Your home can look inviting even when you're not there.
But you might be attracting trouble, as well as buyers. 

When your home is for sale and you want to take a vacation, you’re faced with two kinds of challenges.

The house needs to be secure but not look like a fortress. And it needs to stay tidy even though no one is home maintaining it.  

A gal I know – we’ll call her Janelle -- staged her own home and it looked beautiful. Then she took a week off to cruise the Caribbean.

When she returned she was surprised to find that while she was gone neighborhood kids had been sneaking into her home at night to party. A watchful neighbor noticed the activity and called local police, who insisted that she press charges for breaking and entering.  

It’s the kind of thing that can happen to anyone who is away from home for more than a couple days.

You deserve a getaway, so here are the simple things you can do to protect your home, not worry about it, and help it maintain that fluffed-up look.

Before you leave 

Keeping your home safe from troublemakers should be a primary concern. Some of these tips are obvious, but are still worth repeating.

Look occupied. Stop the mail. Choose between having a neighbor save it for you, or notifying the postal service to hold it. 

Go bright. I used to be a big fan of timers on lights. Now, that system is replaced by smart light bulbs! Here's the scoop on how smart lights function to make your home look lived in.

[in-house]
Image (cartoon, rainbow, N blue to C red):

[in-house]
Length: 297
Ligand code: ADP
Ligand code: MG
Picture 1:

Motion-activated exterior lights are good deterrents, don't cost much, and can be easy to install.

Some valuables are safer hiding in plain sight. Devices
like this container are called "diversion safes."
You can buy or make them. Photo: Diversion Safes.  

Hide valuables. Thieves, should they find a way to get inside, know where people customarily store things of worth.

The first place they look for small valuables is the master closet. So, think outside the box, and consider places like your cleaning closet or laundry room, using containers that look ordinary and generic.

Hide prescription medicines, jewelry, cash, debit and credit cards, flash drives, and personal information like bank records, school notices, billing statements, and tax returns.

For thirteen different DIY ideas on where to hide articles in your home, visit diyncrafts blog.

Stay low. Don’t announce or post about your trip on social media until you are back home. Remember that the more people know about your absence, the greater the likelihood of a break-in.

Maintain appearances. Make sure the exterior of your home doesn’t look neglected. Hire a lawn service (or neighborhood youngster) to mow the lawn, sweep the steps or driveway, service the pool, or do whatever else will give the appearance that your place is occupied. Encourage neighbors to use your driveway or parking space while you’re gone.

A home alone needs attention

An untended home can become a problem on its own. A water heater malfunctions.  A tree branch falls on the roof. A screen door blows open. A pipe bursts.